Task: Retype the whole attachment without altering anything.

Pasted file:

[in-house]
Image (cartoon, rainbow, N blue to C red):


[in-house]
Image (cartoon, rainbow, N blue to C red):